Verity was waxing lyrical about York Minster, with its stained glass windows and the stunning view from the roof. “Okay, that might fill up half an hour,” Millie said. “What about the other hour-and-a-half?”

The biggest laugh of the evening, however, came from St Olave’s School’s Louis Recchia. The Minster, he said, had taken more than 250 years to build. “That’s 2,207,523 hours. If you only spend two hours looking around York, that’s only 0.000000906 per cent of the time it took to build that building!”

Argument signed, sealed and delivered...

York Press:

Alice Wilson (left) and Louis Recchia of St Olaves School. Photo: David Thewlis

Debates over, the judges conferred. There was a moment of tension when head judge Darrell Buttery returned to the council chamber.

It had been a tremendous evening all round, he said: outstanding, entertaining and stimulating. But the judges had agreed on a winner. And it was... Bootham School’s Milo and Francesca. The pair beamed and came forward to receive the smart obelisk trophy designed by York sculptor Dick Reid. They were gracious in victory.

“It’s a great honour!” Milo said. “I never expected to win!”

“Completely beyond expectations!” Francesca added.

This pair will go far...

York Press:

Winners Francesca Mitten and Milo Gilderdate McMullen receive their trophy from the Lord Mayor and Lady Mayoress


Growing up in York

York was a ‘small big city’, said Joseph Rowntree School’s Lhotse Cosgrove Stephenson, taking up the theme of why it was such a great city to grow up in with colleague Melo Saanaoui-Wood. It was a small city with big ideas and plenty of inspiring people. She rattled off both heroes and villains – Dame Judi Dench, WH Auden, Guy Fawkes and Dick Turpin.

Melo agreed. He loved the city’s history, he said, from the Romans to the Vikings. But he also liked the diversity of modern York. “I’m half Moroccan, and there’s a great North African community in York.”

York Press:

Lhotse Cosgrove Stephenson and Melo Saanaoui-Wood. Photo: David Thewlis

Have railways or chocolate done more for York?

The railways, of course, said All Saints’ Annie Donaghy. “They saved York from stagnation, linked us to the capital, and increased income drastically.”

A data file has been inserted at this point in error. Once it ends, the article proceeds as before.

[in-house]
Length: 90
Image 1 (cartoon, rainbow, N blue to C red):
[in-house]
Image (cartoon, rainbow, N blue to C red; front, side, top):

Nonsense, sniffed her schoolmate Anna Tighe. Chocolate had made York known around the world. “Take Kit Kat. People love it and know what it is whether they’re in San Francisco or Selby!”

York Press:

Anna Tighe (left) and Annie Donaghy of All Saints School. Photo: David Thewlis

Freya Gibbon and Freya Gething from Huntington School were equally divided on the issue.

Imagine York without chocolate, said Freya 1, Freya Gibbon. But there wouldn’t have been a chocolate industry in York without the railways, replied Freya 2, Freya Gething.

But chocolate brought jobs, said Freya 1 – at one time Rowntree was the second largest employer in York.

“Yes, the second largest – after the railways!” retorted Freya 2.

Call that one a tie...

York Press:

Freya Gibbon (left) and Freya Gething of Huntington School. Photo: David Thewlis

The public speaking competition

Schools were given a choice of five topics to debate. These were:

  • Being a tourist attraction is a boon for the city. Discuss.
  • Georgians or Victorians – which contributed most to York?
  • Have railways or chocolate done more for York?
  • Is York a great place to grow up?
  • Two hours in York is a waste of time!

York Civic Trust organises two schools public speaking competitions each year, one for secondary schools held at the Guildhall in the autumn, and one for primary schools at the Merchant Adventurers Hall in the spring.

The aim of the debates is to encourage the younger generation to take an interest in the history and culture of York, said Verna Campbell, chair of the civic trust’s education committee which organises the competitions. But it is also to give children a chance of speaking on a public stage. “Public speaking skills are important,” she said. “And because we have a narrowed curriculum these days, it can be difficult for schools to fit it in.”

York Press:

Verna Campbell with the winner's trophy